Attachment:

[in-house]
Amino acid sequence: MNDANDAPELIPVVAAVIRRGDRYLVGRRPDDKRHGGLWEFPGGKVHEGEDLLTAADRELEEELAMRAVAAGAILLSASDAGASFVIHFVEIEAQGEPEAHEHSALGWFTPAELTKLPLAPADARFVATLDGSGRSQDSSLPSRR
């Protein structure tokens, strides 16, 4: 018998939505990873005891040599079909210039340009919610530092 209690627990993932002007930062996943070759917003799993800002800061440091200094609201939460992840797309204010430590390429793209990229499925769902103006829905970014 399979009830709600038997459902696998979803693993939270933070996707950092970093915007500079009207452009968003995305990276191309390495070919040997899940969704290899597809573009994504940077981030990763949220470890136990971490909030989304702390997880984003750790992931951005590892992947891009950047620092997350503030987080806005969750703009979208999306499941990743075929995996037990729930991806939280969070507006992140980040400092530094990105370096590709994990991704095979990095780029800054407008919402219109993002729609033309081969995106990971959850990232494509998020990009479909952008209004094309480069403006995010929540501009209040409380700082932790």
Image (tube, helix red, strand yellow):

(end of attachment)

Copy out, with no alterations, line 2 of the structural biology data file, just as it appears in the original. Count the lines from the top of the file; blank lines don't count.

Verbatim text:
Amino acid sequence: MNDANDAPELIPVVAAVIRRGDRYLVGRRPDDKRHGGLWEFPGGKVHEGEDLLTAADRELEEELAMRAVAAGAILLSASDAGASFVIHFVEIEAQGEPEAHEHSALGWFTPAELTKLPLAPADARFVATLDGSGRSQDSSLPSRR